1. Sign up all new customers for your ebill program. Do it automatically and with no action required from the customer.
2. Use an e-mail matching service append up to 20 percent of your customer database with customer’s email addresses at very low cost.
3. Initiate an automated welcome e-mail telling the customer what to expect.
4. Then just begin delivering the bill electronically. A small percentage will opt-out, but the vast majority will accept it. Adoption therefore becomes equal to the number of email addresses you have available.
5. Offer simple bill presentment via secure email as the first step. It’s not necessary to try and ‘pull’ the customer to your website to achieve successful ebill presentment.
6. Take it one step at a time. Achieve bill presentment and paper truncation first. Then drive payment as the next step.
7. Replicate your paper bill truly in a digital format – familiarity drives acceptance. You can add additional functionality later.
8. Use opt-out rather than opt-in strategies. Customers expect you to bill them.
9. Automatic paper truncation with the ability to revert to the paper option. When your customers are familiar with the ebill, turn off the paper automatically – you will be surprised how few requests you will get to re-institute their paper bill (on average, less than three percent).
On the topic of best practices lets look at some related to the use of IVR’s
1. Menu options no more than 4
2. No more than 4 layers
3. Zero Out option at any time
4. Allow corrections at each menu level (consider routing to live agent after 1)
5. Allow to back up or re start at each menu level (consider routing to live agent after 1)
6. No Jargon
7. Make sure the customer can actually do things they want to do:
1. Account balance
2. Report a payment
3. Open a Ticket
4. Track a shipment
8. Test Speech Recognition and Virtual agents before you deploy.
9. Use IVR for outbound calls –
1. Outage notifications,
3. Planned Maintenance/Outages
Share knowledge across multiple channels to make it available when and where needed:
Knowledge base for web, can be employed by live agents for calls, chats, email
FAQ’s- make sure they are the same ones regardless of the channel they are viewed
Blog- If you have one promote it and link it to your website and help pages if it offers service and self service tips.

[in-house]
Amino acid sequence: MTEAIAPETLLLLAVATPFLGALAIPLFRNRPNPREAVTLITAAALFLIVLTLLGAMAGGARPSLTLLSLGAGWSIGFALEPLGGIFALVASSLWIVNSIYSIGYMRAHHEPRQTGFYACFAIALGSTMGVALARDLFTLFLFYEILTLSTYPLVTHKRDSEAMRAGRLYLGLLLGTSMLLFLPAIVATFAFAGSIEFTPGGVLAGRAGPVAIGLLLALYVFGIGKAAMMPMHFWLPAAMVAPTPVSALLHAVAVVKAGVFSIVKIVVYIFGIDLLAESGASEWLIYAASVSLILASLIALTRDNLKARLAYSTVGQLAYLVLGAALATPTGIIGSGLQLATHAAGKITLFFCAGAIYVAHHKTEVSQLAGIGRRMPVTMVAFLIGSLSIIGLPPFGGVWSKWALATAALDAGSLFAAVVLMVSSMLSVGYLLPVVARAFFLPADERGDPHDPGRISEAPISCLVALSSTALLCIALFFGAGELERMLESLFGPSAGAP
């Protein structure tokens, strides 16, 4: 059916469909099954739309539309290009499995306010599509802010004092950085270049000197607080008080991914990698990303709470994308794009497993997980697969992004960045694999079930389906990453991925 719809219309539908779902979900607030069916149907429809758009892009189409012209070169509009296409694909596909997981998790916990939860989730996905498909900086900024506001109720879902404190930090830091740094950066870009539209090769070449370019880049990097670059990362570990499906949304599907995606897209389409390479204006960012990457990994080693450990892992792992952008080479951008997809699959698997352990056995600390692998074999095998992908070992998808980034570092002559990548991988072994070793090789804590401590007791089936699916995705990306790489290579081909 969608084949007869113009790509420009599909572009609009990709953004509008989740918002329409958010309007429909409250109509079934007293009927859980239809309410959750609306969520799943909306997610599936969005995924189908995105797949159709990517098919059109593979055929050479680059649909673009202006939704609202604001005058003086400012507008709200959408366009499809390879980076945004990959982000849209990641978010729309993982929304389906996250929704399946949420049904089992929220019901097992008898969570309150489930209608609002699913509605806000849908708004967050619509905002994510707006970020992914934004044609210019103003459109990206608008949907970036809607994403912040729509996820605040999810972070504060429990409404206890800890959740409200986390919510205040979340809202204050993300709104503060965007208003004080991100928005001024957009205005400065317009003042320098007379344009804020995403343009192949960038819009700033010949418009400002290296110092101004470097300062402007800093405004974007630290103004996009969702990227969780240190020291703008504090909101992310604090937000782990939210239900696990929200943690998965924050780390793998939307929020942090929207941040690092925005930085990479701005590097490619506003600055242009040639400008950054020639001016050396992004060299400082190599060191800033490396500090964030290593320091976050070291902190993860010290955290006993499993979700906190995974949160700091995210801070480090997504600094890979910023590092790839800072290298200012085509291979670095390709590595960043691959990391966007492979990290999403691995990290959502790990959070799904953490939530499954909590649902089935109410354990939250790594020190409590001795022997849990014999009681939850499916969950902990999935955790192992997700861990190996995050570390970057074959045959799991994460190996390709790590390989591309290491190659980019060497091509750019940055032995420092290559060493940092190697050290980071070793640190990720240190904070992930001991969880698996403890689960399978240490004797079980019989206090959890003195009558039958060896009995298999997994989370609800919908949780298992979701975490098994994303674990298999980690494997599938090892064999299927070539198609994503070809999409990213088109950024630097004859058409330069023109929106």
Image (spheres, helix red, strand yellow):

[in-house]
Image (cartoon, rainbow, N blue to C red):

Video/YouTube channel- This can be a great resource for showing ‘How to’ and,’ where to find’ information.
You must measure all users who employ self service…those that enter and those who leave early. Only by understanding what calls, contacts you are actually deflecting successfully can you determine the ROI. And only by knowing where customers are ‘jumping out’ of self service can you identify where you need to improve.
A Caveat to the trend to self-service has been raised by William J. McEwen, Ph.D., the author of Married to the Brand. Bill cited industries that have trended towards commodity status have of often been strong proponents of Self Service…such as the gasoline retail business. 40 years ago when each retailer tried to show the superiority of their product, but by 2007 only 9% of consumers surveyed by Gallup believed there was any difference between brands.
McEwen feels that a key to maintaining a strong brand is maintaining contact and interaction with customers. Organizations like the JetBlue, Southwest and Ritz Carleton have long since identified that their staff are the key to a success and positive guest experience. Similarly we can all think of positive service experiences where it was the individual that we interacted with that made the experience so great.
So from McEwens’ perspective if we eliminate personal service interactions we are driving our organization towards commoditization. If we take McEwen at face value a move toward cost reduction through self service is less personal, less connected and less likely to create raving fans or similarly happy customers.
But more personal service costs more. Is their no way of improving service quality without increasing the costs?